The deepening global recession is having a significant impact on the Australian economy, with GDP forecast to contract by ½ of a per cent in 2009‑10. Without early and decisive policy action, the forecast contraction would have been four times larger. In the absence of Government action, the level of GDP would be 2¾ per cent lower in 2009‑10 and 1½ per cent lower in 2010‑11. Government action is expected to support up to 210,000 jobs and, without it, the forecast unemployment rate would reach 10 per cent. Supported by policy, a recovery in the Australian economy is expected to gather pace over 2010.
Early and decisive policy action by the Government is an important reason why Australia is better placed than most other advanced economies, which are collectively expected to contract by 3¾ per cent in 2009. As a result of Government action, Australia is expected to experience a milder downturn, and emerge in a stronger position than most other advanced economies.
Australia has benefited in recent years from the largest terms of trade boom in six decades. The collapse in global demand is reversing some of these gains, with the terms of trade forecast to fall by 13¼ per cent in 2009‑10, taking around $35 billion out of the economy on an ongoing basis. The fall in the terms of trade and the contraction in the real economy will together reduce nominal GDP by an expected 1½ per cent. This in turn will lead to large falls in Government revenue and substantially weaken the fiscal position.
The major economic parameters used in preparing the Budget are contained in Table 1.
Table 1: Major economic parameters(a)
- Real and nominal GDP parameters are year average. CPI and employment are through the year growth to the June quarter. The unemployment rate is the rate in the June quarter.
Public investment is helping to fill some of the gap left by the collapse in private demand. Funding flowing from the 2009‑10 Budget, the Nation Building and Jobs Plan, the November Council of Australian Governments reforms and the December Nation Building Package is providing a significant boost to public investment, which is expected to grow by around 25 per cent in 2009‑10, the fastest rate of growth on record.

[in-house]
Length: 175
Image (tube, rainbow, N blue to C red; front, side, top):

The global recession and the domestic economic slowdown will have unavoidable consequences for Australia's labour market. Employment is expected to contract through to mid‑2010, leading to a substantial rise in the unemployment rate, which is forecast to peak at 8½ per cent in 2010‑11. The Government's economic stimulus is estimated to reduce the peak unemployment rate by 1½ percentage points.
Australia is expected to perform better than most other advanced economies in 2009 (Chart 1). There are a number of factors which make Australia better placed to weather the global recession and to stage an earlier and stronger recovery than many other countries.
Chart 1: Forecast GDP growth in 2009(a)
- Australian data refer to forecasts for 2009‑10.
Timely and substantial policy action by the Government is supporting the economy and jobs, through fiscal stimulus and other measures. While fiscal stimulus in other advanced economies was in some cases belated, the Australian Government acted early and decisively once the prospect of a global recession became clear.
There is substantial evidence that last year's Economic Security Strategy has supported retail spending and employment. Following the first economic stimulus package, consumer spending has held up in Australia, despite continued falls in other advanced economies in recent months.
The Australian economy is also benefiting from strong financial institutions and sound regulatory frameworks, which have enhanced the effectiveness of monetary policy in stimulating activity. The Reserve Bank of Australia has cut official interest rates by a total of 425 basis points, resulting in the lowest mortgage interest rates in more than 40 years.
The Australian housing sector is in better shape than in most other advanced economies, with more rigorous lending practices by Australia's financial institutions helping to prevent the kind of mortgage defaults seen in the United States. The First Home Owners Boost has also spurred activity in the housing sector since its introduction last year, with dwelling investment expected to lead the economic recovery in 2010‑11.
Australia will benefit from being situated in the most dynamic region in the global economy. Once the global economy begins to recover, Asia is expected to be a key engine of growth. China is showing signs of recovery from the crisis, and Australia's strong trade linkages with China will assist a recovery in our domestic economy.
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